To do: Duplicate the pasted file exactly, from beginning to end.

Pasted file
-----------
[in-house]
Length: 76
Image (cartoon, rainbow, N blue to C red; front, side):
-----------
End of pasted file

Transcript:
[in-house]
Length: 76
Image (cartoon, rainbow, N blue to C red; front, side):